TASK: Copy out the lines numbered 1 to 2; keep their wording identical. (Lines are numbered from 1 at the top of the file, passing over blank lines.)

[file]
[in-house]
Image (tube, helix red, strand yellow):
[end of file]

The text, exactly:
[in-house]
Image (tube, helix red, strand yellow):